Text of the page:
I admit too that I have a few photos to download from my trip, which was basically either wet or cold or both on the Yorkshire coast, something I may get round to in this next day or so as in between painting the illustrations for the new, fortunately brief, project - a waterproof book (yes, honest!) to take to sea to help identify pelagic species , I have alsomanaged to pull muscles in the outer underside of my left foot, very painful and I was sober too! With two thirds done, the rest should be finished by the middle of the month if all goes well - it's a damned big if, but there you are. The photo alongside is of the probable cover design. However, enough of that, on to Dave and Gilly's account of the Arboleas Bird Group visit to Cabo de Gata.
Cabo de Gata. Wednesday 1st September 2010
Having been to the Birdfair for the first time and going to the talk regarding the status of the Slender-billed Curlew, I was determined that our group should do our bit in the search for this possibly extinct bird as Cabo de Gata would be an ideal stopping off point for a bird migrating from Siberia to Morocco. So, armed with the necessary identification documents, (visit www.slenderbilledcurlew.net) Gilly and I, together with Dave and Myrtle Green, headed south to the reserve. After a reviving cuppa in Pujaire we arrived at the first hide. The water levels were ideal for waders so we were soon logging Curlew Sandpiper, Avocet, Black-winged Stilt, Kentish and Ringed Plover, Little Stint, Spotted and the Common Redshank. Records of Black-tailed Godwits had also been requested. Counted 157 for the day. I spotted a distant Eurasian Curlew resting by the waters edge. I soon found a second further towards the second hide, so that is where we headed. They were still there and later were joined by two more by the water. Within minutes all four took off and made the short flight to the grassy savanna to search for insects.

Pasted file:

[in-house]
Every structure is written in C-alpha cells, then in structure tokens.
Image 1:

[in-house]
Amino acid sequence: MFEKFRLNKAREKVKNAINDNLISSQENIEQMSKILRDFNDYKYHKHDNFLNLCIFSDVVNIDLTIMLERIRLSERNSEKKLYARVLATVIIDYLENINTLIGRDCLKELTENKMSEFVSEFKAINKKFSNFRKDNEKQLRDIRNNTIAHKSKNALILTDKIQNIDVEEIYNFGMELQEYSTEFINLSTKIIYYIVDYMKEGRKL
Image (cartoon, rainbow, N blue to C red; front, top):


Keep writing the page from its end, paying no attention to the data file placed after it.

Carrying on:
Also seen there, which did somewhat surprise me, was a juvenile Woodchat Shrike, one of three for the day. Still quite a few Barn Swallows and Red-rumps but no Martins seen. Had one Pallid Swift and a dozen or so Commons. Little Terns were still around as were a pair of Gull-billed Tern, which caused slight confusion as they were eclipsing to their winter plumage.
At the public hide a Sanderling in part breeding plumage was added to the list, but nothing further of particular interest, so Dave & Myrtle headed to Almeria for shopping whilst Gilly and I ventured round the rear of the reserve. There was a large flock of Lesser Black-backed Gulls with a few Audouin's amongst them. We only added a Dunlin to the list before calling it a day. 36 species for the day but more importantly pleased we're doing our bit as regards the Slender-billed Curlew.
I would add that one should beware juvenile Whimbrel and Curlews, where the bill is shorter and straighter. Ideally, a whole series of photographs (either digi or with a damned great lens of some sort) would be a huge help.